The not-so-silent Minority
is about late 19th and early 20th century string chamber music by women composers e.g. Louise Farrenc, Rebecca Clarke, Dame Ethel Smyth, Lili Boulanger. There are splendid stories about how these women managed to compose and perform all over the world.
Talks can include a concert of some of the music, or examples from the CD. Audiences have included various groups such as the University of the Third Age, Adult Education courses, Oxford and Cambridge Societies, branches of the British Federation of Women Graduates, Gramophone and Recorded-music clubs, WI branches and similar groups. Contact Catherine for further details.
Talks and music
As well as playing the cello in orchestras and chamber music groups (piano trio, palm court piano trio and cello /piano recitals), Catherine talks about the music that particularly interests her.
Catherine enjoys talking about her research and performance of lesser-known, but very enjoyable, music of the last hundred years written by women. Topics include the research which lay behind her CD, the ups and downs of actually producing it, the lives and struggles of her 'lady composers'. She also talks about the fascinating life of pioneer globetrotting lady cellist May Mukle (1880-1963) All this can be illustrated on the cello or by use of recordings.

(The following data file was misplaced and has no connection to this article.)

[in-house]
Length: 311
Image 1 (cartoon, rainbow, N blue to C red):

A cello century of British Women Composers
is about the CD that Catherine made in 2000, later given the rare gold award by Diapason, the French Recordings magazine. It has lovely but neglected music by 10 different women composers.
The talk is about how she found the music and found information about the lives of the women, including Sheila Power who was eventually traced to Madeira where she became a nun. Her publisher Augener did not even have the music in their archives. I had wondered on the way if she was married to a railway goods porter in Staines.
Amy Horrocks wrote a piece in 1894 and Caroline Bosanquet's Elegie was written in 1994, hence the 'century' of music. May Mukle was a well-known cellist who also composed a bit and performed all over the world with close friend Rebecca Clarke. When Rebecca came second to Ernest Bloch out of 73 anonymous entries, in the Coolidge Chamber Music Competition in USA, Mrs Coolidge said 'you should have seen the faces of the jury when it was revealed she was a woman'. She has written some marvellous chamber music, strong, passionate and powerful.